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Thursday, 11 August 2011

Rural Poverty in Zambia

A new FSRP paper presents fresh evidence on the state of rural poverty in Zambia. It draws on longitudinal data collected from 4,286 households which participated in three nationwide surveys conducted over seven years, in 2001, 2004, and 2008, to examine the factors associated with chronic and transient poverty and use the results to draw implications for designing policies and programs for alleviating rural poverty and promoting income growth for rural Zambia households. 

The analysis shows that the number of poor rural households went up by about 1%, from 88.7% to 89.6%. The authors conclude that, "the results indicate the challenges that Zambia faces in her poverty reduction quest recording very minimal poverty reduction over the seven years period". Income inequality also remains very high in Zambia. Levels of inequality remains very high, with the Gini coefficient, having increased from 0.64 in 2001 and 2004 to 0.67 in 2008. The conclusion is inescapable, "the gains from general economic growth in the country are not helping close the inequality gap. If these findings are corroborated by other studies then they have very important policy implications. The question remains, what kind of investments are required to close the inequality gap and raise the majority of rural Zambians out of poverty".

The main conclusions on the way forward  :
Comparison of households trapped in chronic poverty with those who maintain consistent high incomes suggests two major pathways out of poverty in rural Zambia. One pathway involves agricultural asset accumulation and commercialization. An alternate, though complementary path revolves around investment in secondary and post-secondary education of children which translates, in the next generation, into high-paying nonfarm employment. Household mobility – through temporary or permanent migration – appears to facilitate movement along both pathways.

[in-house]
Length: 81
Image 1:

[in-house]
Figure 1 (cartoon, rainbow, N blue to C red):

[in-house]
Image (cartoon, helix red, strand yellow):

In contrast, negative factors, which tend to trap households in chronic poverty, include health shocks to adult household members and mortality of prime-age adults. High dependency ratios, particularly young children and aging parents, likewise appear to limit upward economic mobility.

Key public investments that serve to accelerate these upward trajectories include investments in rural education, public health, feeder roads and improved market access, agricultural technology and management of human and livestock diseases. Policies that facilitate land consolidation, input supply, and market competition will also enhance these rural growth dynamic.

1 comment:

  1. There it is! Exactly what I want to vote for!

    "investments in rural education, public health, feeder roads and improved market access, agricultural technology and management of human and livestock diseases. "

    Now the hard part. Finding a party/politician willing to carry them out....


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